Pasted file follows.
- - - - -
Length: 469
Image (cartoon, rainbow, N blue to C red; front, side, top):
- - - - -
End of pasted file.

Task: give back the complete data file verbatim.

Length: 469
Image (cartoon, rainbow, N blue to C red; front, side, top):